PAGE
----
Transmission critical to wind energy

Source: By Lucas Nelsen, Center for Rural Affairs • Posted: Monday, November 28, 2016

Wind energy contributed a significant portion of new generation completed in 2015, making up 41 percent of a total 14,468 megawatts built last year. Many of these new additions were located in the Midwest and Great Plains, regions of the country that boast some of the richest wind energy resources in the nation. Rural communities in these regions stand to benefit from new renewable development, as projects provide new economic activity and revenue for these areas.

Projects provide new tax revenue to rural communities and supply added income for landowners. Also, the building and operation of these facilities bring new jobs to the area.

The Bureau of Labor Statistics noted that wind turbine technicians are the fastest growing profession in the country. The Department of Energy estimates the wind energy industry could support up to 380,000 jobs by 2030, a significant increase over the current 88,000 jobs.

However, while rural areas have significant potential to generate renewable wind energy, development has traditionally been hindered by a lack of means to transmit that power.

Without sufficient transmission, there is a limit to renewable energy development in rural places. Transmission infrastructure has been a persistent barrier to renewable energy in the Great Plains and Midwest, especially for rural areas. Electric transmission was traditionally built to service areas with sizeable populations or provide service directly to large individual generating units, leaving rural production areas without necessary transmission capacity.

Without improved electric transmission infrastructure to transport new renewable energy to market, developers are less likely to continue building renewable generation on pace with previous years. For the renewable energy industry to continue to grow, the transmission system must be updated to connect areas where projects are developed to the larger grid and to deliver renewable power to consumers. …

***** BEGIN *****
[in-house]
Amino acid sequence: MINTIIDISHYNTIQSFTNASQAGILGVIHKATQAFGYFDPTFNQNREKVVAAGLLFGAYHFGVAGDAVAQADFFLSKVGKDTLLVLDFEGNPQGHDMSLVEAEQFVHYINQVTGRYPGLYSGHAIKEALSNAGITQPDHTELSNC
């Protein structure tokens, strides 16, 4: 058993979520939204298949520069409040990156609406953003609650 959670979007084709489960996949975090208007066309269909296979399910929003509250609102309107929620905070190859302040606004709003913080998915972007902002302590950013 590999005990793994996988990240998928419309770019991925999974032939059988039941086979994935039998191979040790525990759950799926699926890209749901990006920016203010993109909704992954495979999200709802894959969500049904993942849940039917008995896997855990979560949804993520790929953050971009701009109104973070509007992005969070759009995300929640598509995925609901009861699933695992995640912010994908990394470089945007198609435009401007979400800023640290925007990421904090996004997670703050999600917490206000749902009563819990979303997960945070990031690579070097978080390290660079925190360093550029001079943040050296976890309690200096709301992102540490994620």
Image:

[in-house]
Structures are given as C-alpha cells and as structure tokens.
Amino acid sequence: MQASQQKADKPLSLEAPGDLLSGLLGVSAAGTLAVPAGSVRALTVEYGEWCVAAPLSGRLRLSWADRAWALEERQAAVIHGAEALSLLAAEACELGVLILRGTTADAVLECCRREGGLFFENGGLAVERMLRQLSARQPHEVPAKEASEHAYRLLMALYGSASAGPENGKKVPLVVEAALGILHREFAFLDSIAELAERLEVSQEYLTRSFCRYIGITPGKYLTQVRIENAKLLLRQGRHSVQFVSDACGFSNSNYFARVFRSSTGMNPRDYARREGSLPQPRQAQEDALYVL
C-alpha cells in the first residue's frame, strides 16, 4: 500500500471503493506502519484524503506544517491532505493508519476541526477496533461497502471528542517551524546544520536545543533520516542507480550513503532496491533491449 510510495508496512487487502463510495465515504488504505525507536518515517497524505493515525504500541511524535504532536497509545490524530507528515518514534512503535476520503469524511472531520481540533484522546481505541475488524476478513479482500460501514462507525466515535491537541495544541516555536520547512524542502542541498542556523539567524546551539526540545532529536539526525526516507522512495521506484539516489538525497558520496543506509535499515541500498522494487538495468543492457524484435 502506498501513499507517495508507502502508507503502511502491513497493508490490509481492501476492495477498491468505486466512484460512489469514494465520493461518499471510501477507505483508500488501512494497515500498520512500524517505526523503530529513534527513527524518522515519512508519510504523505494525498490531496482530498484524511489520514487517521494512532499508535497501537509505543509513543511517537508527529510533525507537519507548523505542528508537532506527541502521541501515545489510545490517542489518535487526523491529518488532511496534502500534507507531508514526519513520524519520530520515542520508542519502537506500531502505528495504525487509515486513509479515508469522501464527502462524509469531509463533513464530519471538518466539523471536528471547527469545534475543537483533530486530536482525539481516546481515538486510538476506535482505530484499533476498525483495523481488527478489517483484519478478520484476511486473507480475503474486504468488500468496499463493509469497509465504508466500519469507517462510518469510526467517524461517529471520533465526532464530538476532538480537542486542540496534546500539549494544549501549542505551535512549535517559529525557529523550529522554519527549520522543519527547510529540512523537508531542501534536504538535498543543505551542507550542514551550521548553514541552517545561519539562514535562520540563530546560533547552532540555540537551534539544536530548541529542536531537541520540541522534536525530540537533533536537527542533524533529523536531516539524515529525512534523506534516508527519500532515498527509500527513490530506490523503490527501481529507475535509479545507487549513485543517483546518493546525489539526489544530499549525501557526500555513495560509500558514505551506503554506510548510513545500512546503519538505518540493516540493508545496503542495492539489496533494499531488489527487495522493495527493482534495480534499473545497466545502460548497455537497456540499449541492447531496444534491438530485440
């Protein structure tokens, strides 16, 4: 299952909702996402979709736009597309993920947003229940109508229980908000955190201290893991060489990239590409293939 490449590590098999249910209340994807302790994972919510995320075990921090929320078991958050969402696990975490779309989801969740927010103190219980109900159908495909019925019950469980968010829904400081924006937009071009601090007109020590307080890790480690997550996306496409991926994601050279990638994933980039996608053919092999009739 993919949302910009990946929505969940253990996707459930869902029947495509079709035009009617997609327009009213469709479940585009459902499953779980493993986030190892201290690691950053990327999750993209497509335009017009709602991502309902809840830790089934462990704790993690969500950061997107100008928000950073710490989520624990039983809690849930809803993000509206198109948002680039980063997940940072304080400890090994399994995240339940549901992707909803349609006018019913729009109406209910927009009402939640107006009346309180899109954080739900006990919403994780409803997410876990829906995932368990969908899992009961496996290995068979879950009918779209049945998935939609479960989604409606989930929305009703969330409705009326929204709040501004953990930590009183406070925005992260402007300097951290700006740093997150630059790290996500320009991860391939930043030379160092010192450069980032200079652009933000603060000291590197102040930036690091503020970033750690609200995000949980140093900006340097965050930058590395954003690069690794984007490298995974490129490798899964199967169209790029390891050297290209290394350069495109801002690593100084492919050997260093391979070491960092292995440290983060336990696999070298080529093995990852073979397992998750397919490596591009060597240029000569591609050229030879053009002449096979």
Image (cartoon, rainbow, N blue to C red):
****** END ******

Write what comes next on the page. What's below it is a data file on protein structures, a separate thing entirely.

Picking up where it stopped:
Identifying areas with potential for renewable development and locations where bottlenecking can occur is key to alleviating the current limitations of the electric transmission system. In an effort to address these infrastructure deficiencies, several Regional Transmission Operators have conducted planning efforts to identify where improvements and updates are needed.

In 2011, MISO — a Regional Transmission Operator consisting of over 30 transmission-owner members, and with a service territory that includes 13 midwestern states and parts of Canada — approved the first portfolio of projects identified as Multi-Value Projects (MVP). This portfolio was designed to provide value across the MISO region by meeting the need for transmission capacity for new renewable energy and addressing reliability concerns. …

Although the full story of the first MVP portfolio is not yet finished, there is already evidence the portfolio will provide significant benefits to the region by the time it goes into service. An important consideration is the benefit of coordinated planning on transmission development and the potential to bring in more stakeholders. Decentralized generating resources like wind and solar have made it even more important to carefully consider where upgrades to the transmission system will be required in the near-term.

It’s also important to consider how the system should be planned to accommodate long-term changes to the way power is generated and consumed. Capturing the full range of benefits from new renewable and transmission development will require that a regional view continues to be the focus of transmission planning. This regional view will also ensure that public policy goals like increasing the role of renewable energy in meeting demand and reducing carbon emissions are achievable for states and utilities.

Lucas Nelsen is a policy program associate at the Center for Rural Affairs in Lyon, Neb.